- The Washington Times - Wednesday, August 7, 2002

Nearly 20 North Carolina communities appealed to the federal government this year for help in upgrading their aging water and sewer systems, but only one made it onto a Senate panel's list of funding priorities.
Robbins, a town of 1,200 people and hometown of U.S. Sen. John Edwards, North Carolina Democrat, is now in line to receive $500,000 for improvements to its water-treatment plant.
Edwards' office says the North Carolina Democrat did nothing more or less for his boyhood home than for any other locality that sought help. But questions of favoritism have been raised by some officials whose pleas were not answered this time.
"It's gaudy," said Morganton Mayor Mel Cohen, a Democrat whose city is eight times as large as Robbins and has also been seeking aid. "As mayor, I certainly wouldn't pave my street if there are other streets that may need to be paved first. It just doesn't look good."
The water and sewer projects were tacked onto one of 13 major spending bills moving through Congress this year. All told, more than 150 such projects at a cost of $140 million to taxpayers were "earmarked" by senators with no public debate.
Members of the powerful Senate Appropriations Committee make decisions about which projects get added after getting input from colleagues.
Neither Mr. Edwards nor U.S. Sen. Jesse Helms, a North Carolina Republican, sit on the committee. But this year, both pushed for more than a dozen projects.
Mr. Helms' office made overtures on behalf of 17 North Carolina communities none of which was included.
Mike Briggs, a spokesman for Mr. Edwards, said the senator wrote letters to the committee for every North Carolina town or city that made such a request.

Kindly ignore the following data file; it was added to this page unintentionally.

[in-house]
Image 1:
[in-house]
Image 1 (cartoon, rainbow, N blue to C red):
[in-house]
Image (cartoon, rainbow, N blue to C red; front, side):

"I'm sure the senator's involvement stopped with signing the letters," Mr. Briggs said.
However projects are selected, "this is not a process based on merit," said Daniel Williams of the Center Against Government Waste, a watchdog group that opposes lawmakers' practice of earmarking favored projects.
Committee members tend to steer a disproportionate number of projects to their own states and to those of colleagues up for re-election, Mr. Williams said.
Mr. Edwards has gained clout in the process, Mr. Williams said, because of his frequent mentions as a 2004 presidential contender.
Mr. Edwards' letters on behalf of Robbins sought nearly $1.2 million for a long list of upgrades.
"Taken together, the water infrastructure improvements will strengthen the town's ability to attract investment, promote economic development and provide high-quality services to its citizens," Mr. Edwards wrote.
If the committee's recommendation of $500,000 for Robbins is approved by the full Senate, the town will still need approval from the U.S. House, which is going through a similar process.

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